Avoid stock-photos and other stock practices that many businesses use. Invest in quality blog writing. Hire a blogger, photographer, or videographer and have them interview your sales team, engineering department, etc. If you invest well, you’ll have the distinct advantage of being authentic – a real competitive advantage.

Don’t stuff your content with keywords, or well-known clickbait. Be creative, original and aimed at intriguing customers. Forget everything you’ve heard about cheap, easy SEO optimizations, like adding links to your site, or keyword stuffing. Be wary. Any quick fix for SEO is nearly always poor practice, and may even earn penalties from Google. SEO is all about creating great content. Taking these steps will bring you closer to that end.

Buy In From The Top Down

One of the biggest downfalls for any business blog is a lack of support from executives and leaders at the top. If bloggers are left without in-house interviewees, research, sales department support, etc,. they’re destined to fall back on generalized stock content and a lack of follow-up. They’re left with little momentum building tools, like building on successful blogs from the past. Particularly for B2B businesses who are using blogging content to lure large-scale clientele, visitors crave emphatically convincing case studies, research, white papers, analyses, expert insights, and truly exceptional value propositions.

Your customers don’t need to hear your business has “great customer service”. Sorry, they don’t. Every business in the world has made that claim. They need unique and original analysis, and value from your blog.

Broaden your blogging content strategy. Challenge each layer of your staff to get involved with content marketing teams who are undertaking the blogging process for your business. This will align the most intelligent areas of your business with your bloggers, enhancing content, rather than relegating copy to exaggerated wordiness.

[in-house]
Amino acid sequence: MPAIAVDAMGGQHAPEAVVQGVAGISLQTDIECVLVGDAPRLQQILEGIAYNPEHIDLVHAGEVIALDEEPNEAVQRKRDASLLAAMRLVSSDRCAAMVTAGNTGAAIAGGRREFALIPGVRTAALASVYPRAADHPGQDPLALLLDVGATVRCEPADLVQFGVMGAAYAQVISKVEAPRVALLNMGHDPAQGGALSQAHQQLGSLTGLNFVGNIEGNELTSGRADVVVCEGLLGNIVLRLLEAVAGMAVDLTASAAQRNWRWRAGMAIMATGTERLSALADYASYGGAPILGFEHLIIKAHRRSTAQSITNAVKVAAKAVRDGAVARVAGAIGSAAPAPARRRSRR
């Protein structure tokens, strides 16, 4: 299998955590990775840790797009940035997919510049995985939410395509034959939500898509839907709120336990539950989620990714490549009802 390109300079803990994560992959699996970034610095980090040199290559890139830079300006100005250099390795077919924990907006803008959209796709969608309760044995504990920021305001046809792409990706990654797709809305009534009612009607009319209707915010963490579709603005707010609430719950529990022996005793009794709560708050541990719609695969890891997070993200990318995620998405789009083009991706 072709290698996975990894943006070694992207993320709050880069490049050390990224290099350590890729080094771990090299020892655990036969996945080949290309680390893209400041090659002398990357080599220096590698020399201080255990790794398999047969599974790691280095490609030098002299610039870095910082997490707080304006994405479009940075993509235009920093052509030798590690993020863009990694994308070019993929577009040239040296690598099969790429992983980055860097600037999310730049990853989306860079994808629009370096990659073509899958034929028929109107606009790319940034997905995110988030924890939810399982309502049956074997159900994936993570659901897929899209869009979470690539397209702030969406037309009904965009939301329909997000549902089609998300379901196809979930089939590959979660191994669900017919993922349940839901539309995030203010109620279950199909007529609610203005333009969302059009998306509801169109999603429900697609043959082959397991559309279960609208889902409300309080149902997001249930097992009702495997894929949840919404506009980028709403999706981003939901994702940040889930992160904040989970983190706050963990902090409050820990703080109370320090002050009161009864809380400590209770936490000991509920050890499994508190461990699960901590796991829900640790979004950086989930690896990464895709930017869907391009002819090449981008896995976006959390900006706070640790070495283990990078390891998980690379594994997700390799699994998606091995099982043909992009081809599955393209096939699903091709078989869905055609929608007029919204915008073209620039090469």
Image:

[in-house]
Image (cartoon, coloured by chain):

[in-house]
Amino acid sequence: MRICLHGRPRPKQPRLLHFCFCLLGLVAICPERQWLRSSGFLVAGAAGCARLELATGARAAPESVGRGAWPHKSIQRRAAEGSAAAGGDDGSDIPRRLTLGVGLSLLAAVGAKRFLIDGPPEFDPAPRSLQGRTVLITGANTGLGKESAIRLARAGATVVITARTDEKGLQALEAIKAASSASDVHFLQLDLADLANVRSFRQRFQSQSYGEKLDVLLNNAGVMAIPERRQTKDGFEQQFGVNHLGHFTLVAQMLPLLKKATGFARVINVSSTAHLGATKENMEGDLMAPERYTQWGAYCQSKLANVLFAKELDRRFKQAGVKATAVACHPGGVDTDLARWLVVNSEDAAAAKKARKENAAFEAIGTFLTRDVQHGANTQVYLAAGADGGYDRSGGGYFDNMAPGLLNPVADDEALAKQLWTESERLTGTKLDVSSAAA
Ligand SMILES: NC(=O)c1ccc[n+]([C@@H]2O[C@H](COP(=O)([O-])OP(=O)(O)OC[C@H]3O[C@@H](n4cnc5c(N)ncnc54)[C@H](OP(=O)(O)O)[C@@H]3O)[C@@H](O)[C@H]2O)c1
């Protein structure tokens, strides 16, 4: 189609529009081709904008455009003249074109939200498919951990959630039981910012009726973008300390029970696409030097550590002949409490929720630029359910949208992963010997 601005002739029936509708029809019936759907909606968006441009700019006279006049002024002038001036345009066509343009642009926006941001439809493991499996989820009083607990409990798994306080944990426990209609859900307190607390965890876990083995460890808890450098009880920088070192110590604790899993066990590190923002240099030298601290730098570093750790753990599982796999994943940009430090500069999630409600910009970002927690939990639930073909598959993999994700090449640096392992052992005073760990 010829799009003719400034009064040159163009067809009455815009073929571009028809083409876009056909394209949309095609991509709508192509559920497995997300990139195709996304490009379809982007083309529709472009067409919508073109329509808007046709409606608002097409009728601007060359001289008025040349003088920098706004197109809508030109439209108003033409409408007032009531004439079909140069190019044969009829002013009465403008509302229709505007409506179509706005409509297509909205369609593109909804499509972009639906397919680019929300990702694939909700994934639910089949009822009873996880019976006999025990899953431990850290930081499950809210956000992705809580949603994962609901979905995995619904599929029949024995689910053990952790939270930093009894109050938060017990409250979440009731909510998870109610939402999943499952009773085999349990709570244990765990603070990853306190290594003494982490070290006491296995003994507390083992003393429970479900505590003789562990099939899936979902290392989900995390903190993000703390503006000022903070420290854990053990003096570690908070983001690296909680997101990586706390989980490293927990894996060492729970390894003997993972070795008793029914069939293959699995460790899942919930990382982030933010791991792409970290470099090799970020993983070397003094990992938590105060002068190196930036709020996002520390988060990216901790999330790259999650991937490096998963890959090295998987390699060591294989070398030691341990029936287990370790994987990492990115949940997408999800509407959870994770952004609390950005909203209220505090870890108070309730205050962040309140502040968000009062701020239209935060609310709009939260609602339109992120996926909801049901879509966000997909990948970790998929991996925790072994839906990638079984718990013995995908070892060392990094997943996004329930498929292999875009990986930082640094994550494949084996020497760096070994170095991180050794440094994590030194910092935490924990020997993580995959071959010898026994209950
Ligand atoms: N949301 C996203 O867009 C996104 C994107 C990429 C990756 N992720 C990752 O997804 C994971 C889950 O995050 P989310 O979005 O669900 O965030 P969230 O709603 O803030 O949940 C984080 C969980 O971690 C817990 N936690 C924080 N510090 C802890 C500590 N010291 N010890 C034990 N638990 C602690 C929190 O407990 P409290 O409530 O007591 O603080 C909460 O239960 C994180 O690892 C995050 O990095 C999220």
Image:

Businesses Should Act Like Businesses

Cats, weddings and babies get clicks, yes, but those clicks won’t help your business sell products and services. There is an important point here. Rather than flinging content strategies into the buzz and hum of trending topics (clickbait), businesses should remain pointedly business-like online, albeit creative and defining.

Don’t ever forget who you are, and why you are important for customers. Zoom out and do some self-examination. Remind yourself why customers have chosen your business in the past. What’s important to them? Who were your earliest adopters and what was their attraction to your business in the first place? Why did they choose you over competitors?

In short, what makes your business, your business? What makes you, you?

Diving deep into the customer mind opens up new roads of content marketing topics. Having hopped away out from the path of branded rhetoric, you’ll find your blog springing forward with a new and creative business tone. Be bold.

Write about topics that matter. Create some controversy if necessary. Speak directly to the problems of your industry, and resolve them with call to actions to your business’ advantage. Encourage CEOs and other executives to share their corporate vision as a blog. Use your blog for press releases, as well as general feature content.
Have some more ideas for us? Comment below.

Have some more ideas for us? Comment below.